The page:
We all agreed that the Feral Dog was the best lead and the place to start, but it would be pretty empty until later that night. We decided to wait until after dark to avoid attracting attention to ourselves. The rest of the day was fairly uneventful. Vyth and Tyrilandi made a quick forey into town to a local temple, to see if they had healed any one-armed miners recently, but they didn’t discover anything useful.

That night, the entire group headed into town. We had decided that trying to question these thugs inside the bar was a bad idea. For one thing, we didn’t want anyone to overhear what was being said. Besides that, however, it was not going to be easy to get these thugs to volunteer information about their boss, and we would prefer to do it somewhere quiet and out-of-the-way. Gar and Taan were sent into the bar, while the rest of us set up a little ambush around the back. If those two could lure them out, we would be ready.

I had taken position alongside Dram, and as the minutes ticked by, I watched his attitude change from nervous anticipation, to growing impatience, to frustration, to mounting anger. After about fifteen minutes had passed with no sign of our quarry, he abruptly stood from his hiding place, and stomped around to the front of the building and disappeared through the front door. From across the yard I couldn’t quite hear what exactly he shouted, but I caught the words “Balabar Smenk” and “c&&%$!$#~&s.” Apparently our boy Dram didn’t believe in subtlety. At almost the same moment, Taan threw open a window on the side of the building and looked out. Inside the bar, the normal buzz of conversation dropped away completely; it sounded like Dram had struck a nerve.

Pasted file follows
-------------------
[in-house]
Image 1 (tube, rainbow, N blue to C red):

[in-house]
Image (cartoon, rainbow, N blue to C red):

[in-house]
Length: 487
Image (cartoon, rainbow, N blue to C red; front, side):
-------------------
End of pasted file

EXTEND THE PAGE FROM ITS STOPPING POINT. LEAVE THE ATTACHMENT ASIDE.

Then several things happened at once. Someone inside the bar let off a fierce bestial growl, Tyrilandi yelled “Flee!” through the open window, and the front door burst open and Dram rushed out with a mixture of fear and defiance painted on his face. He quickly ducked around a corner, as a fierce looking man dressed all in black and carrying twin short swords followed him out the door. He looked around briefly, but didn’t spot Dram hiding behind the door.

Meanwhile, there was a tremendous roar of laughter from inside the Feral Dog, which was probably the result of Taan falling flat on his face in front of the window. I was feeling pretty good about how things were going, when the largest half-orc I have ever seen came through the front door. He was over seven feet tall, with a shaved head and white, almost translucent, skin. On his forehead was tattooed the same sigil that we had found on the severed arm.